Interview: Curtis Novak, master pickup maker
If a background troubleshooting IT issues for the US Government seems an unlikely foundation for a career winding pickups, it certainly helped Curtis Novak learn to sort the essentials from the snake oil…
Curtis Novak, ‘chief mad scientist’ of Curtis Novak Classic Pickups, Inc, has been involved in creating guitar pickups and restoring vintage instruments since 1983
Guitar forums are awash with talk of alnico V versus alnico II this, plain-enamel versus formvar-coated that, and what resistance reading your Strat pickup or PAF needs to be to achieve ‘authentic vintage tone’. Ask New Mexico-based maker Curtis Novak to build you a pickup to your trendy specs checklist, though, and you’re likely to hear a ‘click’ at the other end of the line as he turns back to more important matters.
Novak has learned over his 20-odd years of making pickups professionally (backed by a good 15 years of winding them on the side before that) that the only way to guarantee customer satisfaction is to play it by ear.
The results have yielded highly acclaimed pickups to fit just about any guitar or playing demand. Novak and his five-person crew are particularly known for a long-time specialisation in a range of Jazzmaster pickups, while having introduced some of the earlier Gold Foil-style replacements available anywhere, and from Strat, to Tele, to PAF-style humbucker, to stealth Melody Maker replacements and beyond, he’s got a coil to suit virtually every need.
“In the early days, I was kind of like a short-order cook,” Novak tells us. “I’d stand there with all the stuff and people would tell me what they want, and I’d whip it up. And I learned over time that the people who were really, really picky about it could never be pleased. I would do all this stuff and some guy would get really upset. ‘They say you’re the best, and this doesn’t sound at all like I expected it.’ And I would say: ‘Well, what were you expecting it to sound like?’ They’d tell me what they wanted to hear, and I’d say: ‘God, if you’d have told me that I never would have wound what you asked for!’
“So I switched, probably about 15 years ago,” he adds, “and I don’t talk specs. I won’t talk specs. I want to hear what you want it to sound like. The way I break it to a musician is: ‘If I catch you playing in a bar or a venue, I may request you to play a song, but I’m not going to tell you what key to play it in, because you’re the professional. Or if I’m going to go to a dentist, I’m not going to tell them how to fix my tooth.’ When people tell me they have to deal with specs, I say: ‘No, there’s plenty of other people you can go to with a punch list.’ I offer a full refund, and very rarely do I ever get pickups back.”
Stripped finishes and busted coils
Novak was born in 1965 and grew up in New Mexico, where his early ogling of the instruments in the Sears and Montgomery Ward catalogues segued into hands-on messing with guitars and electronics. The youngest child in a large family, his siblings had all been provided school-band instruments and the like by Novak’s parents… until he came along. Following wreckage and carnage and the expense of years of hire-for-purchase woodwinds and battered percussion, they weren’t falling for that one again, so young Curtis had to fend for himself once the bug bit.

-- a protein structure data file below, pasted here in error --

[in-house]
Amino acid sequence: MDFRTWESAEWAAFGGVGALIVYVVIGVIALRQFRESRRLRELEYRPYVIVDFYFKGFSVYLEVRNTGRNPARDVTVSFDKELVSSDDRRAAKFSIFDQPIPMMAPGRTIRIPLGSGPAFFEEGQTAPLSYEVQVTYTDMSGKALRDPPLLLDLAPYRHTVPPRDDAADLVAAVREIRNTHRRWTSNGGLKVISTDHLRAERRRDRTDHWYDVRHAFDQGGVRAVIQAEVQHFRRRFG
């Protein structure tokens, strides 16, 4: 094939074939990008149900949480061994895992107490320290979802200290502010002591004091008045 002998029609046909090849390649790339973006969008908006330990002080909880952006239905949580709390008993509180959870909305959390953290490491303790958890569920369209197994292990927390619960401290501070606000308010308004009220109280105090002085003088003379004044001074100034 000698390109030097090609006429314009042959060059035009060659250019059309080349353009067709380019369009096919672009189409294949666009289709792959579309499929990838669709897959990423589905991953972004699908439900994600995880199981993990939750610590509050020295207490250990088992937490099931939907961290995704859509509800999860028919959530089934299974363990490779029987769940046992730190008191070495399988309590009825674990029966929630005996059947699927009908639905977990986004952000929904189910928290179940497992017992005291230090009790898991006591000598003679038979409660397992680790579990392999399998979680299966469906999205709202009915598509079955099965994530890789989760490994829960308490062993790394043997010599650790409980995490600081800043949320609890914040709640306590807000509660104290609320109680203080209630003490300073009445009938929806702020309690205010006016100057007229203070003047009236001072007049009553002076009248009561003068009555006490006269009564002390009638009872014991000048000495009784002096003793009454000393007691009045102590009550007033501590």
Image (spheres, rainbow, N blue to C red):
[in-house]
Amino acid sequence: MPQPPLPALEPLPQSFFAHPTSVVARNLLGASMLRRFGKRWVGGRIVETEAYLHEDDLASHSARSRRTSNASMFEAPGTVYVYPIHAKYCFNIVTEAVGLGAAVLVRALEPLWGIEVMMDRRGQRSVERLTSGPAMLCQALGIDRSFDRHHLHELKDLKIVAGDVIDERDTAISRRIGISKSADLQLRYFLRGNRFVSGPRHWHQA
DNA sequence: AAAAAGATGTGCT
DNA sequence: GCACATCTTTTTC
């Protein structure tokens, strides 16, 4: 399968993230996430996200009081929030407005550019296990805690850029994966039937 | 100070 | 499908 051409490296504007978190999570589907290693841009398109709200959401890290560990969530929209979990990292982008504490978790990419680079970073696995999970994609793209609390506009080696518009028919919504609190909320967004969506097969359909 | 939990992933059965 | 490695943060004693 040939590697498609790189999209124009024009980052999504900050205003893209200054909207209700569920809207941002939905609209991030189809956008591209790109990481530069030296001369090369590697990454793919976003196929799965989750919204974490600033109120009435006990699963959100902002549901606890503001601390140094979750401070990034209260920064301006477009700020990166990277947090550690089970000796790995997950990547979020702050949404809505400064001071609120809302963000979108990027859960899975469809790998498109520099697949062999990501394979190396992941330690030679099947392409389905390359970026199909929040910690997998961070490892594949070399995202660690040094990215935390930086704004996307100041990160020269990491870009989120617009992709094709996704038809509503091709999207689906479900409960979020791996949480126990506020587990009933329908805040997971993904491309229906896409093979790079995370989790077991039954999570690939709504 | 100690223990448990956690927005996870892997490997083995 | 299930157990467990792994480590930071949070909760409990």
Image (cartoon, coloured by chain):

“In junior high,” Novak recalls, “a couple of my friends were playing instruments and so forth, and one of them got a new guitar for Christmas and was selling his old one, so I bought it off him with my lunch money for the year. I enjoyed playing a lot more back in those days, but what I realised was I’ve always been more intrigued by how things worked and the mechanics of it, and what made things sound differently. I quickly ended up buying a few more guitars when I was a kid, just because that one would be apart and I wouldn’t have one to play, so I was always finding these interesting instruments: ‘What’s different with this one? Why does it sound different from that one?’ and all that.”
The first craft inspired by Novak’s early guitar deconstruction, though, was refinishing – and he earned a reputation in that arena that equals his current standing as a maker of world-class replacement pickups. The practice of scavenging for old stripped Fenders at the local pawnshops and refinishing them to accurate vintage colours helped put Novak through college in the mid-to-late 80s and soon he had customers coming to him for vintage-spec restorations.
“I was right in the area where Buddy Holly lived and recorded,” he says, “so there was always a good amount of vintage guitars you could get real cheap. I did a lot of research to get the actual Fender colours from DuPont Duco, and there was an old auto-body shop there that still had the old paint book, so I resurrected the old colours and got that going. Fender used to refer people to me for vintage restoration, but I just didn’t want to be around those chemicals all the time. And by doing all that [finishing] research, I ended up doing a lot of pickup research on the side, and eventually, I got enough where I thought I could figure this out.”
Long before this, his first deep dive into the intricacies of coil winding had come out of necessity. While still in junior high, Novak decided his first electric guitar – a cheap Japanese Strat copy – just didn’t sound as good as it should and he began to suspect the pickups as the culprits.